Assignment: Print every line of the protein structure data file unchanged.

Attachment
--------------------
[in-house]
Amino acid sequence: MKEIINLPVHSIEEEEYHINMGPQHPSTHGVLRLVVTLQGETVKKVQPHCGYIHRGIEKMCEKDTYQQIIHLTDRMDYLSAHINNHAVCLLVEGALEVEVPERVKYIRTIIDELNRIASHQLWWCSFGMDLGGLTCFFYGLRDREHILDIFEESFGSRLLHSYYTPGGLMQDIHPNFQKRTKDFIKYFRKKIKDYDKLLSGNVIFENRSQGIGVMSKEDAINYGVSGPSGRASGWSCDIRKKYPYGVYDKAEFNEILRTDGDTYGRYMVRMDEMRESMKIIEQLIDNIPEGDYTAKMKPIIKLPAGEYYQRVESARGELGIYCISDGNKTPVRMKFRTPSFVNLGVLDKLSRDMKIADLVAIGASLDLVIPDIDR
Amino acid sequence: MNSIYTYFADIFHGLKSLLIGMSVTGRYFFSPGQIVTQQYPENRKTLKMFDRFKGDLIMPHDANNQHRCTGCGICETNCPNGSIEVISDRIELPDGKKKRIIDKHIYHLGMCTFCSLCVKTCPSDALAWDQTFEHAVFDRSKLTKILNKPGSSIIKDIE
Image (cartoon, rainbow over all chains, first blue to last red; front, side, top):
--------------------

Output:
[in-house]
Amino acid sequence: MKEIINLPVHSIEEEEYHINMGPQHPSTHGVLRLVVTLQGETVKKVQPHCGYIHRGIEKMCEKDTYQQIIHLTDRMDYLSAHINNHAVCLLVEGALEVEVPERVKYIRTIIDELNRIASHQLWWCSFGMDLGGLTCFFYGLRDREHILDIFEESFGSRLLHSYYTPGGLMQDIHPNFQKRTKDFIKYFRKKIKDYDKLLSGNVIFENRSQGIGVMSKEDAINYGVSGPSGRASGWSCDIRKKYPYGVYDKAEFNEILRTDGDTYGRYMVRMDEMRESMKIIEQLIDNIPEGDYTAKMKPIIKLPAGEYYQRVESARGELGIYCISDGNKTPVRMKFRTPSFVNLGVLDKLSRDMKIADLVAIGASLDLVIPDIDR
Amino acid sequence: MNSIYTYFADIFHGLKSLLIGMSVTGRYFFSPGQIVTQQYPENRKTLKMFDRFKGDLIMPHDANNQHRCTGCGICETNCPNGSIEVISDRIELPDGKKKRIIDKHIYHLGMCTFCSLCVKTCPSDALAWDQTFEHAVFDRSKLTKILNKPGSSIIKDIE
Image (cartoon, rainbow over all chains, first blue to last red; front, side, top):